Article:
The Guerilla in Literature
This chapter applies the different facets of guerilla subjectivity—resistant, anticolonial, self-defined, self-determined, ideologically grounded, revolutionary agent—to a reading of Sam Greenlee’s The Spook Who Sat by the Door (1969; 1990), Alice Walker’s Meridian (1976), and John Okada’s No-No Boy (1957; 1976). Greenlee’s novel is considered as an example of a stereotypical militant, revolutionary subjectivity. The novels by Walker and Okada are used to examine how these literary representations of the guerilla synthesize politics and aesthetics in a textual subject that complicates representations of blackness and yellowness, as well as revolution and resistance.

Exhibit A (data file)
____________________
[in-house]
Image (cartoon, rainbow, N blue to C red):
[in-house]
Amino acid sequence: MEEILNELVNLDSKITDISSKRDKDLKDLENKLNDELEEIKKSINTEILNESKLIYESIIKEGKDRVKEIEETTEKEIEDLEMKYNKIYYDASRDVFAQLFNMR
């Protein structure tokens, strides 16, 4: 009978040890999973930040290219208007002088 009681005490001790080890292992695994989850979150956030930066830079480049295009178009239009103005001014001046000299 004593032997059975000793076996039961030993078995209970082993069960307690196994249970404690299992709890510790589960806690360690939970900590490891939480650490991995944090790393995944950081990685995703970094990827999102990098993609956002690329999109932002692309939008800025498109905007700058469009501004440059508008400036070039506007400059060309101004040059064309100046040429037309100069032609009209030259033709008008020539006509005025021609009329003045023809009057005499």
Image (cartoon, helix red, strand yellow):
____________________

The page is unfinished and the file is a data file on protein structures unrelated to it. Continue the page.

Keywords: guerilla, politics, aesthetics, blackness, yellowness, Sam Greenlee, The Spook Who Sat by the Door, Alice Walker, Meridian, John Okada, No-No Boy